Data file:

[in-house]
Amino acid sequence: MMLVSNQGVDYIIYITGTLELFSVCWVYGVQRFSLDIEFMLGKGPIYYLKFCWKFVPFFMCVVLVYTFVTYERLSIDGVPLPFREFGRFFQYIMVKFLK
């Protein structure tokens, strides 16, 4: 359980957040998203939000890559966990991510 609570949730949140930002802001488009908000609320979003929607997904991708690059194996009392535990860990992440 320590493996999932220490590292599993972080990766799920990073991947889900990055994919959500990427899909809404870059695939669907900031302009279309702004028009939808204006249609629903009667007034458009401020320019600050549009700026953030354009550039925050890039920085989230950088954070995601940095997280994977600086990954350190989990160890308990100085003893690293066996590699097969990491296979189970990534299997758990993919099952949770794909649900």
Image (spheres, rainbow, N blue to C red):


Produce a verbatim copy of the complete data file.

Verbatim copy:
[in-house]
Amino acid sequence: MMLVSNQGVDYIIYITGTLELFSVCWVYGVQRFSLDIEFMLGKGPIYYLKFCWKFVPFFMCVVLVYTFVTYERLSIDGVPLPFREFGRFFQYIMVKFLK
């Protein structure tokens, strides 16, 4: 359980957040998203939000890559966990991510 609570949730949140930002802001488009908000609320979003929607997904991708690059194996009392535990860990992440 320590493996999932220490590292599993972080990766799920990073991947889900990055994919959500990427899909809404870059695939669907900031302009279309702004028009939808204006249609629903009667007034458009401020320019600050549009700026953030354009550039925050890039920085989230950088954070995601940095997280994977600086990954350190989990160890308990100085003893690293066996590699097969990491296979189970990534299997758990993919099952949770794909649900």
Image (spheres, rainbow, N blue to C red):